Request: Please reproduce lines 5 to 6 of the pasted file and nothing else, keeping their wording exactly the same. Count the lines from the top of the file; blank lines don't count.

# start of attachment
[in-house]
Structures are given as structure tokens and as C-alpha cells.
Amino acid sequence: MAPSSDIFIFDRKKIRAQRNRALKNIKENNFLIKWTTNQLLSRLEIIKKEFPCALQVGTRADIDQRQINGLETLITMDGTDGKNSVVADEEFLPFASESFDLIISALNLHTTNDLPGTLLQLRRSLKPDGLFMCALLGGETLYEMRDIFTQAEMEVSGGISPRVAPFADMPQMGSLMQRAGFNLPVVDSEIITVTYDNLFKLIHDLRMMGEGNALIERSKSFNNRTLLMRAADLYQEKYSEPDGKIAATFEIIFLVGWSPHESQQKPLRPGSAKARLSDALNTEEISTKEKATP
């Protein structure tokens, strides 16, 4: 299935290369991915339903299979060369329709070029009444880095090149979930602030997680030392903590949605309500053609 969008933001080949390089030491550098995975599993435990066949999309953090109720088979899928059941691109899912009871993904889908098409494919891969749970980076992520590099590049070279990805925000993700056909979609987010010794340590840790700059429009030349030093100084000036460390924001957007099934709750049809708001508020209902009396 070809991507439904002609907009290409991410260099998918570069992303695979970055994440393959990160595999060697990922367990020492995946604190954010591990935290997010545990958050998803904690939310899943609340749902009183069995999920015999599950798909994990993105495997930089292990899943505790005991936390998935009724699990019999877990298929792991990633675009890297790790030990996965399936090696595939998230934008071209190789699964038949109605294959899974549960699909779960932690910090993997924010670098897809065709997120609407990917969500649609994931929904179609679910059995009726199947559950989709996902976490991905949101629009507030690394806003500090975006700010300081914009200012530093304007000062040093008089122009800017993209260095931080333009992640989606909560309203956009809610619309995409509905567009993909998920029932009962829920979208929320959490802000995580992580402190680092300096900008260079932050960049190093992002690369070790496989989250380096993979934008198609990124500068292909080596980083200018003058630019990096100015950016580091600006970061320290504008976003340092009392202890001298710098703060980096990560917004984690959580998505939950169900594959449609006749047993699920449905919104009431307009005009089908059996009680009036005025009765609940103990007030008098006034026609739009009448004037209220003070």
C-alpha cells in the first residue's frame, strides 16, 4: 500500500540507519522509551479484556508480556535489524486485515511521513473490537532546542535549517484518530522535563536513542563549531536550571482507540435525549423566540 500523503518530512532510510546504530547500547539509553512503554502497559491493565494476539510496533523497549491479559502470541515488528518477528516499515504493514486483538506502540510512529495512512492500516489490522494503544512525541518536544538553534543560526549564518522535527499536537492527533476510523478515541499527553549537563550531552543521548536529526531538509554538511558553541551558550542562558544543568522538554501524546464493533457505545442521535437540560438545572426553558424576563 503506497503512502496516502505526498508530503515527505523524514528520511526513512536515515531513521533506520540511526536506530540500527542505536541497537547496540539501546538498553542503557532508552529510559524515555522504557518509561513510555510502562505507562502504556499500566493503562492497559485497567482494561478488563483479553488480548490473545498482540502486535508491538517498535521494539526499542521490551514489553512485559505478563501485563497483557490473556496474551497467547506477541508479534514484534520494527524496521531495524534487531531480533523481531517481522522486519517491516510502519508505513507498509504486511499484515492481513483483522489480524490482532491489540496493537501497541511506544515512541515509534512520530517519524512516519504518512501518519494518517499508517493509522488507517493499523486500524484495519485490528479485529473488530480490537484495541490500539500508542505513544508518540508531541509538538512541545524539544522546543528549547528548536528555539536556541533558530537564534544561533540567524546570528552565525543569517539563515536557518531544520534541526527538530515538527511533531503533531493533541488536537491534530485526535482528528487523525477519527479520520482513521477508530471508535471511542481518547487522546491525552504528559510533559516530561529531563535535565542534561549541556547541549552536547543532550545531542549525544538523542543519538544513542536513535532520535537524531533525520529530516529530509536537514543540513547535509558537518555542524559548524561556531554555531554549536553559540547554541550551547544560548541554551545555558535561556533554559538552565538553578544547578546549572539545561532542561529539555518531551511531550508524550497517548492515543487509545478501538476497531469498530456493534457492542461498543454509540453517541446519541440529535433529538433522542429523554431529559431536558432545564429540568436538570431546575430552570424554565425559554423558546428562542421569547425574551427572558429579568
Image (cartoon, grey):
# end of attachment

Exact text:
C-alpha cells in the first residue's frame, strides 16, 4: 500500500540507519522509551479484556508480556535489524486485515511521513473490537532546542535549517484518530522535563536513542563549531536550571482507540435525549423566540 500523503518530512532510510546504530547500547539509553512503554502497559491493565494476539510496533523497549491479559502470541515488528518477528516499515504493514486483538506502540510512529495512512492500516489490522494503544512525541518536544538553534543560526549564518522535527499536537492527533476510523478515541499527553549537563550531552543521548536529526531538509554538511558553541551558550542562558544543568522538554501524546464493533457505545442521535437540560438545572426553558424576563 503506497503512502496516502505526498508530503515527505523524514528520511526513512536515515531513521533506520540511526536506530540500527542505536541497537547496540539501546538498553542503557532508552529510559524515555522504557518509561513510555510502562505507562502504556499500566493503562492497559485497567482494561478488563483479553488480548490473545498482540502486535508491538517498535521494539526499542521490551514489553512485559505478563501485563497483557490473556496474551497467547506477541508479534514484534520494527524496521531495524534487531531480533523481531517481522522486519517491516510502519508505513507498509504486511499484515492481513483483522489480524490482532491489540496493537501497541511506544515512541515509534512520530517519524512516519504518512501518519494518517499508517493509522488507517493499523486500524484495519485490528479485529473488530480490537484495541490500539500508542505513544508518540508531541509538538512541545524539544522546543528549547528548536528555539536556541533558530537564534544561533540567524546570528552565525543569517539563515536557518531544520534541526527538530515538527511533531503533531493533541488536537491534530485526535482528528487523525477519527479520520482513521477508530471508535471511542481518547487522546491525552504528559510533559516530561529531563535535565542534561549541556547541549552536547543532550545531542549525544538523542543519538544513542536513535532520535537524531533525520529530516529530509536537514543540513547535509558537518555542524559548524561556531554555531554549536553559540547554541550551547544560548541554551545555558535561556533554559538552565538553578544547578546549572539545561532542561529539555518531551511531550508524550497517548492515543487509545478501538476497531469498530456493534457492542461498543454509540453517541446519541440529535433529538433522542429523554431529559431536558432545564429540568436538570431546575430552570424554565425559554423558546428562542421569547425574551427572558429579568
Image (cartoon, grey):